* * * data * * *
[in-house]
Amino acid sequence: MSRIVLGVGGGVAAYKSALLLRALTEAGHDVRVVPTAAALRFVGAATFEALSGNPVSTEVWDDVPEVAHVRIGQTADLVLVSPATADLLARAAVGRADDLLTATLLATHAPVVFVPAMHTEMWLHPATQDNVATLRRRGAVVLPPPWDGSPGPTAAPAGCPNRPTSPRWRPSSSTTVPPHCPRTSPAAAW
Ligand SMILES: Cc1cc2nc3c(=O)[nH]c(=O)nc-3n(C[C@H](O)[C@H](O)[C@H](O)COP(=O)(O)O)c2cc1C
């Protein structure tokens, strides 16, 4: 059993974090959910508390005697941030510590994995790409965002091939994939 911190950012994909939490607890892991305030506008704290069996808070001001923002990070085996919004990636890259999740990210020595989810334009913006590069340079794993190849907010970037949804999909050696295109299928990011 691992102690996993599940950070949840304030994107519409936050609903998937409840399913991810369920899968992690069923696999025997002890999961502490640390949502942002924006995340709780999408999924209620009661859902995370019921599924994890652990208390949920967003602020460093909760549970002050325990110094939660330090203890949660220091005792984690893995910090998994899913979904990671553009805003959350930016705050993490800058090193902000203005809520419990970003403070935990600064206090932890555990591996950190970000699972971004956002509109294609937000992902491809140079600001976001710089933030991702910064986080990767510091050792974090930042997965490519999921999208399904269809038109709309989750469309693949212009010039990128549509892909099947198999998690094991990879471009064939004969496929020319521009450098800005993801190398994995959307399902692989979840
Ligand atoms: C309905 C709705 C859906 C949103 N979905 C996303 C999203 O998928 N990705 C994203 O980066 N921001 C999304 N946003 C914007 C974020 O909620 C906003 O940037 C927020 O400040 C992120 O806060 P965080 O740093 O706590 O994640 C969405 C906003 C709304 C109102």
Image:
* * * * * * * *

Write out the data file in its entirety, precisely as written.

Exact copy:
[in-house]
Amino acid sequence: MSRIVLGVGGGVAAYKSALLLRALTEAGHDVRVVPTAAALRFVGAATFEALSGNPVSTEVWDDVPEVAHVRIGQTADLVLVSPATADLLARAAVGRADDLLTATLLATHAPVVFVPAMHTEMWLHPATQDNVATLRRRGAVVLPPPWDGSPGPTAAPAGCPNRPTSPRWRPSSSTTVPPHCPRTSPAAAW
Ligand SMILES: Cc1cc2nc3c(=O)[nH]c(=O)nc-3n(C[C@H](O)[C@H](O)[C@H](O)COP(=O)(O)O)c2cc1C
């Protein structure tokens, strides 16, 4: 059993974090959910508390005697941030510590994995790409965002091939994939 911190950012994909939490607890892991305030506008704290069996808070001001923002990070085996919004990636890259999740990210020595989810334009913006590069340079794993190849907010970037949804999909050696295109299928990011 691992102690996993599940950070949840304030994107519409936050609903998937409840399913991810369920899968992690069923696999025997002890999961502490640390949502942002924006995340709780999408999924209620009661859902995370019921599924994890652990208390949920967003602020460093909760549970002050325990110094939660330090203890949660220091005792984690893995910090998994899913979904990671553009805003959350930016705050993490800058090193902000203005809520419990970003403070935990600064206090932890555990591996950190970000699972971004956002509109294609937000992902491809140079600001976001710089933030991702910064986080990767510091050792974090930042997965490519999921999208399904269809038109709309989750469309693949212009010039990128549509892909099947198999998690094991990879471009064939004969496929020319521009450098800005993801190398994995959307399902692989979840
Ligand atoms: C309905 C709705 C859906 C949103 N979905 C996303 C999203 O998928 N990705 C994203 O980066 N921001 C999304 N946003 C914007 C974020 O909620 C906003 O940037 C927020 O400040 C992120 O806060 P965080 O740093 O706590 O994640 C969405 C906003 C709304 C109102």
Image: